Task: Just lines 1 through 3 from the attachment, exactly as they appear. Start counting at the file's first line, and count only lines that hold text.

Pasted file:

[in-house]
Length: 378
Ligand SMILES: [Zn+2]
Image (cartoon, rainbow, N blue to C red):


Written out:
[in-house]
Length: 378
Ligand SMILES: [Zn+2]